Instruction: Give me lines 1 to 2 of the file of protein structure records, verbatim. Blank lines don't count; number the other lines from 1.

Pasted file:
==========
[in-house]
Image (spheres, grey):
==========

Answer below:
[in-house]
Image (spheres, grey):